The plight of a 15-year-old Roman Catholic girl, Saba Masih, abducted by a 45-year-old Muslim man and forced to marry him in Pakistan’s eastern Punjab province, highlights the threat of forced conversions faced by Pakistan’s religious minorities.
Older well-to-do men have been known to coerce poor Christian and Hindu underage girls into marrying them and convert them to Islam. In most instances, law enforcement officials and courts side with the man’s claim that the marriage and conversion were voluntary.
According to Saba’s father Nadeem Masih, a sanitation worker at a textile factory in the industrial city of Faisalabad, his daughter was abducted on May 20 by their 45-year-old neighbor, Muhammad Yasir. The police did not help the family in recovering her, saying that she had converted to Islam after consensually marrying Yasir.
Saba is not the first Christian girl to have gone missing in Faisalabad. Last year, 14-year-old Chashman Masih was taken from her school, only to have her family receive images by phone of a letter affirming conversion to Islam and an Islamic wedding document (Nikahnama). Chashman, a minor, also apparently signed an affidavit stating that her conversion to Islam and marriage to a Muslim man was willful.
Independent Human rights organizations reported “a record rise” in forced conversion cases of minority girls in Pakistan since 2020. According to some reports, 36 underage non-Muslim girls were kidnapped in Pakistan and forcefully converted to Islam since the beginning of 2021. This was a 177% increase from the thirteen cases reported in 2020.
Minority rights activists say that on average least 1,000 women from religious minorities, mainly Christians and Hindus, are forcibly converted and married annually in Pakistan. These numbers as described by Pakistani officials as “rubbish and baseless” but most experts agree that forced conversion is a serious problem in parts of Pakistan.
According to the Center for Social Justice, 70 percent of the victims of forced conversions were less than 18 years old, with 63 percent 14 years old or younger. Only 8 percent of women converts to Islam were reportedly above 18 years old.
The forced conversion problem is the result of the abject poverty of many Pakistani Hindus and Christians. In an environment which dehumanizes minorities –Pakistan’s population is 97 percent Muslim – some people see conversion to Islam as the means of staving off violence or hunger or just to live to see another day.
But, as is often the case in countries where freedom of religion or belief is under threat, women and girls bear the greatest brunt of religion-based persecution. Male Muslim predators target young girls and force them into marriage and conversion. In some cases, they are backed by influential Muslim clerics who see conversion and marriage as virtuous acts, notwithstanding the young age of the forced bride.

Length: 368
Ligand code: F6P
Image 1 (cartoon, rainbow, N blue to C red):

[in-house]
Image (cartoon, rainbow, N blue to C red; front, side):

In Southeastern Sindh province, which is home to most of Pakistan’s remaining Hindu population, cleric-cum-politician, Mian Mithu, proudly runs a massive operation to convert Hindus and to help “poor girls” marry Muslim men of means. Mithu has been elected to parliament several times and is able to use his influence to ensure that marriage of underage girls to men much older to them is recognized as consensual as long as it is accompanied with conversion to Islam.
In March this year, a teenage Hindu girl was killed in Sindh after resisting abduction for forced marriage and conversion. 18-year old Pooja Kumari was “a girl full of life, often seen stitching traditional garments at their home in Rohri town in Sukkur district, some 470km (292 miles) north of the port city of Karachi, the provincial capital.”
Kumari was harassed by 24-year old Wahid Bux Lashari, a member of the powerful Lashari tribe. Lashari threatened Kumari with forced marriage and her family failed to get support from the local police against the powerful landowning tribe. Lashari eventually broke into the girl’s house and shot her dead when she resisted her abduction.
Pooja Kumari’s family takes pride in the fact that she resisted her abductor and died rather than marrying him and giving up her faith. But Pakistan, which is already of a U.S. government list of “countries of particular concern” for religious freedom violations, needs to legislate a ban on forced conversions and then follow it up with strict enforcement.
Pakistani politicians pander to extremist Islamists instead of protecting non-Muslim women and girls from predatory co-religionists. In some cases, the victims of forced conversion have been girls no more than 12 years old.
In October 2021, a parliamentary committee dominated by members of the party led by former Prime Minister Imran Khan rejected a bill against forced conversions. Khan’s Ministry of Religious Affairs opposed the proposed law, which was supported by legislators belonging to minority communities.
In 2016, the provincial assembly of Sindh province passed a law declaring forced conversion a crime, but the bill did not receive assent from the region’s governor. Attempts to criminalize forced conversions in Sindh failed, again, in 2019, reflecting a lack of will on part of political leaders to protect women and girls from minority religious communities.
Farahnaz Ispahani, an author and former member of Pakistan’s parliament, is a founding member of the Women’s FORB Alliance. Her books include, ‘Purifying the Land of the Pure – a history of Pakistan’s Religious Minorities’ (Oxford University Press, 2017)
Disclaimer: The views and opinions expressed in this article are those of the authors and do not necessarily reflect the official policy or position of FoRB Women’s Alliance.